Why don’t men read fiction?

Years ago I was pitching a book to an agent. He wanted more non-fiction, like my first published work; I held the common authorial prejudice that you haven’t properly made it until your fiction is in print.

He turned down my novel, and one of the reasons shocked me (even more than his inability to appreciate my genius): how little fiction is bought, despite dominating review sections. The split is an estimated 70-30 in favour of factual.

A further shock: hardly any men buy fiction. This man reckoned only about 10% of novels or story collections were purchased by blokes.

At first I didn’t quite believe this; then I got to thinking about the men I knew, specifically those who read books (sadly, not everyone does; you’d think it was part of the acceptance criteria for becoming an adult, but it’s an imperfect world).

And I realised, it’s true: most never read fiction. Some haven’t opened a novel, not one, since school.

They prefer books on history, humour, science, psychology, sociology, crime; at the fag-end of the spectrum, sports autobiographies, most of which barely count as books. Even relatively easy-to-read genre fiction – crime, fantasy, horror – is literary anathema to most men.

So great is the male aversion to fiction that you’d actually notice a man who does. Spotting a novel – any novel – on their desk, you’d almost do a double-take, maybe feel a little tingle of complicity: “This guy’s kind of like me. And we’re a small, special minority.”

Why don’t men read fiction? Nature, I think, trumps nurture. I don’t want to think that, having grown up in an era when it was assumed environment played a far greater role in shaping character than biology.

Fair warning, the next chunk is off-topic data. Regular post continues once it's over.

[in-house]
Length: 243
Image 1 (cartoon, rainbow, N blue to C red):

But it must be. The sexes consume more-or-less identical material as children; however chauvinist society remains, it doesn’t push little girls towards fiction and boys towards factual. Our parents read us the same fairy-tales; we study the same literature throughout school, up to adulthood.

There’s no overt pressure on teenage boys to throw away their novels. Indeed, there’s none on grown men. Nobody slags you off for reading fiction, or seems to care one way or another; they’ll just say, “Oh, I’d have no time for that.”

Yet by early adulthood, most males have lost interest in fiction. The cause, I’m sure, is genetics, neurological wiring, hormones, or some combination thereof.

Boys and men are, in general, more convergent and linear in their thinking; this would naturally draw them towards non-fiction. The most frequent male criticism of fiction is that it’s “not real”, “made-up”. Men seem to like straight narrative lines, provable facts, reportage – an architecture of external reality.

Women, by contrast, are more divergent thinkers, and also more attracted to the life of the mind: internal reality. What individuals think and feel is as important as a flat record of seismic events.

Most men are probably accurate when they say they find fiction boring: all that interior monologue, metaphor, obliqueness, tangents that don’t obviously go anywhere. And it is, by definition, invention; this never took place, they reason, so how can it mean anything?

They’re missing out on an awful lot, though – something much more profound than the accumulation of information, useful as that may be. Human culture has yet to discover a better way of capturing those moments, sensations or thoughts that happen all the time, yet paradoxically are almost inexpressible. We can’t put them in words – nobody can, not even novelists themselves – but we recognise them when somehow encapsulated by fiction, and are glad.

Noel Gallagher famously said he prefers to read about “things that actually happened” because fiction “isn’t fucking true”. But he’s wrong: real does not necessarily equate to “true” in art. Real is prosaic and quotidian; truth is universal and eternal, and so is fiction.

Oh, about that novel: several years, two agents and dozens of submissions later, it finally got published…nobody bought it.

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One response to “Why don’t men read fiction?

  • Malcolm McClintick

    When I grew up in the 1950s girls read fiction, boys went to movies and played sports. In college in the 1960s girls read “literature,” boys went to movies and watched sports. In law school in the late 60s and early 70s, girls read fiction, guys went to movies and watched sports. I started reading books in grade school and kept reading books until a couple of decades ago when the only novels I could find were written and published by women, about women, and for women. Now I watch movies and occasionally read one of the old books I used to read.

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